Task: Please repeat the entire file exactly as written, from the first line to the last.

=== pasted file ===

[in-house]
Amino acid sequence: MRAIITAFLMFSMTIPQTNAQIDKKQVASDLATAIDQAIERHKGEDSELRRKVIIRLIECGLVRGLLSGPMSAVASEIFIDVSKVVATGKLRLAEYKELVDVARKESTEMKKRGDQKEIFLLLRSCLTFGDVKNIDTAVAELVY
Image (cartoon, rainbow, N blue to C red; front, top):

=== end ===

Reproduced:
[in-house]
Amino acid sequence: MRAIITAFLMFSMTIPQTNAQIDKKQVASDLATAIDQAIERHKGEDSELRRKVIIRLIECGLVRGLLSGPMSAVASEIFIDVSKVVATGKLRLAEYKELVDVARKESTEMKKRGDQKEIFLLLRSCLTFGDVKNIDTAVAELVY
Image (cartoon, rainbow, N blue to C red; front, top):